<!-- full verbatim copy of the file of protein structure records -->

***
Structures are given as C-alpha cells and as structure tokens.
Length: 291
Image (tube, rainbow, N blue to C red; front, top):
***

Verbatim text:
Structures are given as C-alpha cells and as structure tokens.
Length: 291
Image (tube, rainbow, N blue to C red; front, top):